Are beers getting better or am I over-rating?

Discussion in 'Beer Talk' started by NeroFiddled, Jan 28, 2022.

?

Are beers getting better or am I over-rating?

Poll closed Feb 4, 2022.
  1. Overall beers are improving.

    70.7%
  2. In some countries beers are improving.

    10.9%
  3. No, it's you, you're over-rating lately.

    13.0%
  4. You've always over-rated.

    5.4%
  5. The histogram is a great tool to have.

    22.8%
Multiple votes are allowed.
  1. NeroFiddled

    NeroFiddled Poo-Bah (13,978) Jul 8, 2002 Pennsylvania
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    Thanks to the histogram on my beer page I've noticed that I've been rating more and more beers as a 4 whereas in the past I used to be scoring most beers as a 3.85 or so. There's been no signicifcant change to anything above or below that - and I do understand that I'm generally 3 or 4% above everyone else.

    So is it me? Or are beers really getting better?

    I should also point out that the focus of my question should really be on American beers, although I have definitely noticed a vast improvement in German beers over the last decade. I mainly drink American (73.16%), German (7.23%), and Belgian beers (4.08%), followed by the UK and Canada.

    I imagine that just based on the amount of information that's available now brewers are getting better. When I went to brewing school in '95 there wasn't nearly the amount of information available, and it was much harder to access. There have also been great improvements in raw materials. On top of that there has been a great deal of experimentation, and the creation of quite a few new styles.
     
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  2. ATL6245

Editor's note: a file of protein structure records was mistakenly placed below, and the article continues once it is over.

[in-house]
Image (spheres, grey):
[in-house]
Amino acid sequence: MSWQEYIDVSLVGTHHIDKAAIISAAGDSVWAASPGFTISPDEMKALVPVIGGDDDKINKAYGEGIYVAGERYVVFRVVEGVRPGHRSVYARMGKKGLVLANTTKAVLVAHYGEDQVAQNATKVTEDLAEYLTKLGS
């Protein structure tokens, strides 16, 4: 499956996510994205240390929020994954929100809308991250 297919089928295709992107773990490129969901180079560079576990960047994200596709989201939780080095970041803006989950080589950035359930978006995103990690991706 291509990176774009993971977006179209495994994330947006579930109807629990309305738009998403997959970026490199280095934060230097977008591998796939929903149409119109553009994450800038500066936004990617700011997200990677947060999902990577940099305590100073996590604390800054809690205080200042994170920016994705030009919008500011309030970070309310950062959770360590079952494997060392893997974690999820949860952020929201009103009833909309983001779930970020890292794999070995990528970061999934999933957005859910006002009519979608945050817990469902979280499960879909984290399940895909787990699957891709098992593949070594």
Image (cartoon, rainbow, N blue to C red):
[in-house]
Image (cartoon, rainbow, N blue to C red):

ATL6245 Meyvn (1,149) Aug 16, 2018 Georgia
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    I think beers are definitely getting better. There is a ton more variety available and the quality is pretty darn good overall. The overwhelming majority of breweries in Georgia are very young, but many were started by experienced brewers. What they are producing is very solid. I may not like all the styles they are making, but I rarely find super noticeable flaws.

    Don't take offense to my next question because I'm just curious. German's brew some of the best and most consistently great beers in the world. I'm wondering if you're noticing the handling of the imported beers has gotten a lot better vs the actual quality of the brewing. Would that be a fair assessment?
     
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  3. JackHorzempa

    JackHorzempa Poo-Bah (5,824) Dec 15, 2005 Pennsylvania
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    Jim (@NeroFiddled), in my opinion I think there is a strong geographic component to US craft brewed beers and "beers getting better".